Simple, Cheap Nitrate Tester Is Open Source

Too much of a good thing can be a bad thing, and nitrate pollution due to agricultural fertilizer runoff is a major problem for both lakes and coastal waters. Assessing nitrate levels commercially is an expensive process that uses proprietary instruments and toxic reagents such as cadmium. But [Joshua Pearce] has recently developed an open-source photometer for nitrate field measurement that uses an enzyme from spinach and costs a mere $65USD to build.

The device itself is incredibly simple – a 3D printed enclosure houses an LED light source and a light sensor. The sample to be tested is mixed with a commercially available reagent kit based on the enzyme nitrate reductase, resulting in a characteristic color change proportional to the amount of nitrate present. The instrument reads the amount of light absorbed by the sample, and communicates the results to an Android device over a Bluetooth link.

Open-source instruments like this can really open up educational opportunities for STEM groups to get out into the real world and start making measurements that can make a difference. Not only can this enable citizen scientists and activists, but it also opens the door for getting farmers involved in controlling nitrate pollution at its source – knowing when a field has been fertilized enough can save a farmer unnecessary expense and reduce nitrate runoff.

There are a lot of other ways to put an open-source instrument like this to use in biohacking – photometery is a very common measuring modality in the life sciences, after all. We’ve seen similar instruments before, like a DIY spectrophotometer, or this 2015 Hackaday Prize entry medical tricorder with a built-in spectrophotometer. Still, for simplicity of build and potential impact, it’s hard to beat this instrument.

19 thoughts on “Simple, Cheap Nitrate Tester Is Open Source

    1. Yeah it would be then but its more or less unreliable then. Making reagents that always show the same result for same concentrations of nitrate isn’t that easy…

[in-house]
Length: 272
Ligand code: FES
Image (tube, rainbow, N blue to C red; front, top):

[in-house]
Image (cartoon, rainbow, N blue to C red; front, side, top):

I think thats a small trade off here…

    2. Do you make your own steel, wire, sponges, soap, integrated chips, silicon boules, cd players, screwdrivers etc. Likely not, because some of us while we could do so, choose to invest our time and energy for a better return on that time investment. In addition while all the proper steps could be taken by one’s self the yield and quality of such endeavors is usually substantially less then commercial solutions with a much higher investment in quality control then the average kitchen lab.

  1. At first I wasn’t sure what the advantage of the instrument was over just looking at the color of the reagent, but the article makes the point that using a sensor device like this leads to a much higher accuracy.

    Today I Learned and that makes it a good day. Cool beans!

  2. If you install a couple LEDs of specific wavelengths (easier than a diffraction grating) you’d vastly improve the usability of this device. Many assays use absorptivity to determine concentration, as the article pointed out, but they rarely use the same wavelength. Pick your LEDs based on the assays you preform most often and save yourself from building multiple testing boxes.
    The ideal case is a variable wavelength source, but those cost big bucks and can be finicky to maintain. Not worth the hassle or $$ for most DIY folk.

    1. This! I have used LEDs reverse biased for sensing applications and they work surprisingly well. My favorite is a red LED used to see when the red light comes on in an arcade prize machine and a solenoid to hit the button. I got a PS Vita and an iPod before I was banned from the bowling alley :)

  3. So if we have thousands of these set up remotely to monitor background nitrates in a specific populated area could we not ascertain if there was a threat of explosives in that area?

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